When David Bowie breezed into Boscombe in the 1970s, nobody had seen anything like him. Least of all local lad Waldemar Januszczak
Try to imagine the beginning of Saturday Night Fever, with me in the Travolta role. If you remember, Travolta begins his big night with a slow, reverse striptease in which every item of clothing is carefully positioned on his body and then lovingly smoothed down. With me it was more a question of finding something that fitted and squeezing myself past its zip line. There were other differences. Travolta was going out to dance; I was going out to confront a dream. He didn’t wear National Health specs; I did. Most important of all, he was preparing for a night at the disco, while I was preparing to see David Bowie, live, at Starkers in Boscombe.
This being a Bowie article, you’ll be eager to know what I was wearing. Well, on my feet were a pair of platform-soled booties, brown and square-toed, zipped to the ankles. I remember them clearly because I only gave them to Oxfam a few years ago. For four decades they sat in my cupboard reminding me of the early 1970s. If you turn to page 25 of Speed of Life, the deluxe new collection of Bowie photographs we are here to admire, you will see Bowie wearing a similar pair, except his are red. That photograph was taken in the month I went to see him: August, 1972. His booties have 3in soles. Mine were substantially higher. He could stand up. I couldn’t.
Above his platforms, David sports a full-length zip-up catsuit with flared trousers and a floppy collar, coloured hippy-ishly in Indian paisleys. Funnily enough, I chose an Indian look myself that night, and went for a long-sleeved embroidered shirt from Afghanistan and an exceptionally skinny green boilersuit with sail-sized flarings.
Despite months of student starvation, I could only just get into the bottom half of that boilersuit. To this day I remember the harshness with which it lifted and separated my testicles. David’s Indian catsuit, I see, caused similar squashing in the basement.
The things we Major Toms did to save the world in 1972: the ch-ch-ch-changes we went through.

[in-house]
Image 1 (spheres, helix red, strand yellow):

Speed of Life is about the size and weight of a medieval bible.
Tracking the transformations in Bowie from 1972 to 2009, it celebrates the work of the Japanese photographer Masayoshi Sukita, who first encountered Bowie-san about the same time I did.
Turning up in London in the summer of 1972, Sukita was a fashion photographer with a glam-rock fixation. “I had heard about T Rex and they appealed to me very much, even though I hadn’t heard any of their music. I had seen a photo of Marc Bolan in a Japanese magazine and noticed he was clearly wearing make-up, which I thought was pretty amazing.”
In London, Sukita found a Bowie poster in the street and begged his stylist to get him tickets for the Royal Festival Hall where the Ziggy Stardust/Aladdin Sane tour was about to chug off around the world; a few weeks later, this same tour would take Bowie to Starkers in Boscombe. Overwhelmed by what he saw at the Royal Festival Hall, Sukita went out the next morning and bought every Bowie record in the shop, and then wangled a meeting with Bowie’s manager. A few days later he was photographing the newest redhead in town. Forty years on, he’s still doing it.
Speed of Life is one of the new breed of limited-edition designer books which, like Bowie himself, straddle many genres. Part work of art, part bible, part memento mori, it comes with a beautiful insert of Bowie vinyl and a signed showpiece photo of Bowie in a hitherto- unseen role as a human clock. Edged with silver, patterned with silky blues and pinks, it’s an exquisite example of goody-bag publishing. You’ll need to rob a bank to secure it, but the photographs will make the stretch worthwhile.
In his introduction, Sukita remembers being struck by the sight of all the men in the audience at the Royal Festival Hall wearing make-up. “It really was a very exciting discovery for me, like an astronomer finding a new planet.” They were “like performers”, he sighs. Now that he mentions it, I do remember feeling pretty cocky as I hobbled down Christchurch Road in my 5in platforms into Boscombe Arcade where Starkers was located. In earlier times it had been a music hall. Max Bygraves had played there. I have no idea how it managed to ch-ch-change itself into a must-see music venue, but for a few months that summer, Starkers was the pl-pl-place to go.
In case you don’t know, Boscombe is a suburb of Bournemouth. Technically I suppose we should think of it as a seaside town, but that suggests an element of gusty marine sunniness that Boscombe never possessed. There was one cinema on Christchurch Road that showed soft porn for the old-timers in macs who made up much of the population. Their wives, meanwhile, would hobble to the cliff walk where you could spend the final moments before you died staring at the sea from a welcoming cluster of benches.